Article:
Q&A / 


termite floor joist

When checking for termites, closely inspect the rim joists around a home and the first two or three feet of floor joist. Use an ice pick or other sharp metal probe to see if the joists are solid.

DEAR TIM: I am interested in buying a home that has a history of termite infestation. The pests were treated by a professional but I am unsure of what type of treatment was done. Is it foolish to buy this house? Are there other tests I should perform before making an offer? Is there a way to permanently eradicate termites from a home? Barry H., Scranton, PA

DEAR BARRY: Many pest control professionals have a saying that I feel is highly accurate - "There are two types of houses. Ones that have had termites and those that will." But there are precautionary measures homeowners can take to hopefully prove the professionals wrong. As for the merits of purchasing the house, I would say that you still need to gather more data before consummating the deal.

Termite Colonies

Termites are a highly intelligent and destructive insect. Each year, new termite colonies form and these along with existing ones cause hundreds of millions of dollars in damage to businesses and homes. Even steel and concrete skyscrapers are not immune. Termites don't discriminate. They will eat the paper on the back of drywall in these buildings as easily as they might eat a wood stud or floor joist in a single family home.

The social system within each colony is impressive. At its center is a queen termite that stays busy laying thousands of eggs. In addition to the queen, colonies have reproductives, soldiers and worker termites. The reproductive termites are the ones that swarm each spring and summer and leave a colony to form a new one. Soldier termites always stick around the nest and defend the colony against invaders. The worker termites are the ones with an appetite.

Termite infestation? Pick the best exterminator using my Termite and Carpenter Ant Checklist. I offer a 100% Money Back Guarantee.

Worker Termites

We all need to worry about the workers. Worker termites travel from the colony through a vast network of underground tunnels and gather food for themselves and all of the other termites who stay back at the colony. The workers forage for food constantly and randomly. They munch on your wood and then take it back to the rest of the colony. The workers are always in search of new food sources. This is a self-preservation mechanism and provides them with wholesome fresh food on a regular basis. Just because termites have visited this home in the past - and may show up again in the future - doesn't mean you should walk away from the deal. If repairs can bring the house back to sound condition, the house may be a good buy.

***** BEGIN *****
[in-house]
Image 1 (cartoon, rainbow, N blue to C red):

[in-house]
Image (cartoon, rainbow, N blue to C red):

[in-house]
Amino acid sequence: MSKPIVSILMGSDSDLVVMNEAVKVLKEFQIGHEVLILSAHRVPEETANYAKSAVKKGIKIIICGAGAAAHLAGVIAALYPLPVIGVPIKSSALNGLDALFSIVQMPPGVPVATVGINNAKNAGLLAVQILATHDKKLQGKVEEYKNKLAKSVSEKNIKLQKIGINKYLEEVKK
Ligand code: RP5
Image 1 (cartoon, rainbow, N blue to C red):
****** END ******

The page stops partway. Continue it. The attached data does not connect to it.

To determine the condition of the home I would make an offer to purchase contingent upon the inspection of no less than two different individuals. A top quality pest control person can often be hired to inspect for the presence of active or past termite activity. In your case you know that the house has had past activity but a new colony may have formed nearby and possibly defeated any past termiticide treatments. I would also insist on an inspection by a registered professional structural engineer.

This person can assess the structure of the house and tell you if the house needs any repair work. Use the reports generated by these two people to help you arrive at a fair purchase price. The reports may recommend additional termite treatments and structural repairs. It is not uncommon for the purchase price to be reduced by the total sum of these goods and services.

Termite Infestation

There are numerous methods to minimize and eliminate termite infestation. Professional pest control companies can inject traditional barrier chemicals in and around the soil to repel foraging termites. You can also install colony elimination system that actually kill off a colony by slowly killing the worker termites who ingest poisonous bait. This method has become highly popular and over 50 percent of all termite treatments done in the USA today use a colony elimination system.

Not all colony elimination systems are created equal. Some are chemicals that are injected into the ground, some are chemical laden stakes that are driven into the soil and others have monitoring stations that require periodic inspections. Price is generally a great barometer of performance. The more money you spend for a colony elimination system, typically the better it will perform.

Keeping termites away from your home forever may be a daunting task. New colonies form each spring. You need to constantly monitor your home and inspect periodically for infestation. A colony elimination system may kill one colony now but it may need to be permanently maintained to kill future invaders.

Author's Note: We've received other emails with similar problems or questions. Here's one from Aaron S. of Los Angeles, CA, regarding termite fumigation.

"My house was fumigated for termites covered with a tent etc. After removing the tent two days later, we entered our house but there was no odor of gas at all.  A while later, we saw insects, spiders, roaches etc. moving around. The fumigation company claims that they mix a substance with the gas so that it will not have an odor. My question: Shouldn't there be a gas odor and dead insects? We can't see the termites inside the wall, but we feel that if all the insects are still alive, probably the termites are not dead either. Please, let us hear you opinion. Thank you very much!"

Doing a little online checking, the chemical used during termite fumigation is targeting only termites. It will not kill spiders, ants, bed bugs or cockroaches. So Aaron, you may still see other insects moving around.

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